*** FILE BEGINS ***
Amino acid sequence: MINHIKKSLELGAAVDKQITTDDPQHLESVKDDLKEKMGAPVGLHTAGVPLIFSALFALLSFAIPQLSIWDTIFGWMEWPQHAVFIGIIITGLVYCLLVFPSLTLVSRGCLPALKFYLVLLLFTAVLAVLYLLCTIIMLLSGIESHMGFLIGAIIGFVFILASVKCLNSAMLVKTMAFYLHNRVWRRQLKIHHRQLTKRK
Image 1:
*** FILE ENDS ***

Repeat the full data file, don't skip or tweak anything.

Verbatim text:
Amino acid sequence: MINHIKKSLELGAAVDKQITTDDPQHLESVKDDLKEKMGAPVGLHTAGVPLIFSALFALLSFAIPQLSIWDTIFGWMEWPQHAVFIGIIITGLVYCLLVFPSLTLVSRGCLPALKFYLVLLLFTAVLAVLYLLCTIIMLLSGIESHMGFLIGAIIGFVFILASVKCLNSAMLVKTMAFYLHNRVWRRQLKIHHRQLTKRK
Image 1: